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AFM aircraft crash lands in Gozo

The wreckage of the Bulldog TMk1 in an uncultivated field at Santu Pietru overlooking the Azure Window in Dwejra, Gozo yesterday. Photo: Franco Galea.

The wreckage of the Bulldog TMk1 in an uncultivated field at Santu Pietru overlooking the Azure Window in Dwejra, Gozo yesterday. Photo: Franco Galea.

An Armed Forces of Malta Bulldog crash landed near Dwejra in Gozo yesterday at about 7.30 p.m.

The two crew members suffered slight injuries and were airlifted by an AFM Aloutte helicopter to St Luke's Hospital to be treated for shock.

The single-engined Bulldog TMk1, tail number AS0020 which was on a coastal patrol, was extensively damaged, the army said.

An AFM emergency team was deployed to the site of the incident by helicopter. AFM Commander Brigadier Carmel Vassallo was on site soon after the incident.

The crew members are Warrant Officer 2 Mark Brincat who was piloting the Bulldog and Lance Bombardier Kevin Borg who was the flight technician.

An eye witness told The Times that the aircraft was seen climbing close to the Azure Window at Dwejra when it suddenly seemed to stall and ended up in an uncultivated field in a spot called Santu Pietru which lies between Dwejra and San Dimitri.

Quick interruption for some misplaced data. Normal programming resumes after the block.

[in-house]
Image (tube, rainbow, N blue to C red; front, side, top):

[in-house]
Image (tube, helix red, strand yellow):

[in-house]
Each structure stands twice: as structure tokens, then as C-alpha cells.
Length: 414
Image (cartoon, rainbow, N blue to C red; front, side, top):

"I heard a loud metallic sound and then all I could see was a cloud of dust rising out of the field where the aircraft landed.

"The aircraft flipped over with the engine jutting out of it and one wheel torn off," he said.

The incident, the army said is the subject of a magisterial inquiry as well as an internal technical inquiry by the AFM.

No information was available as to the cause of the incident, the army added.

The army has five of this type of aircraft as part of its fleet.

These aircraft which were acquired from the Royal Air Force by the army in 2000 cannot cover long distances because of their single engine.

The largest customer for the Bulldog which was built by Scottish Aviation was the RAF, which placed an order for 130 Bulldogs in 1972.

The Bulldog was used extensively by the RAF as a basic trainer.

The AFM uses the aircraft as a trainer and for surveillance.

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